Brazil, Russia, India and China Set for Mobile Boom
Published on: 18th Jun 2008
Note -- this news article is more than a year old.
Brazil, Russia, India and China collectively known as BRIC represent the next great growth curve for both the mobile and interactive marketing industries. Home to over 40% of the world's population, the BRIC countries form the core of an emergent global middle class that will number over 1 billion people by 2015. eMarketer projects that the BRIC countries will account for over 1.7 billion mobile phone subscribers by 2012 and expects over 680 million subscribers to access the mobile Internet.
Mobile will be the primary interactive screen for this new generation of consumers, and no major advertising agency can pitch a global brand without referencing its BRIC assets and capabilities, especially those in China and India. Likewise, the largest global telecommunications companies have bet a large amount of their future growth on sales to BRIC-based mobile operators.
"Mobile is the Internet for an increasingly large and attractive consumer segment -- an important distinction for marketers to keep in mind," said John du Pre Gauntt, senior analyst and author of the new report, "Mobile BRIC: Extreme Growth Ahead."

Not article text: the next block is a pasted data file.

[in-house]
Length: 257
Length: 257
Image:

"As these huge populations within BRIC accumulate disposable income, they are poised to form interactive relationships with local and global brands primarily through the mobile phone," he added. "With PC and broadband penetration far below that of mobile, marketers and mobile operators find themselves in uncharted territory."
Five of the world's 10 largest cities are located in BRIC, along with four of the five top markets for new mobile subscribers. Rapid growth in entertainment and media consumption in the BRIC countries is important for marketers looking to interact with mobile consumers.
BRIC countries also have extremely high levels of prepaid mobile service -- often more than 75% of the entire mobile customer base. As a result, there are far more opportunities for marketers to subsidize or sponsor part of basic mobile services such as voice minutes, text messages and even some mobile Internet access.
Even in 2008, the rate of mobile Internet use in the BRIC countries is either comparable to or above that of the US and Western Europe. For many of these markets, debates over whether mobile is an extension of or a substitute for the Web have little relevance -- the mobile phone is the Web for millions, and soon hundreds of millions, of people.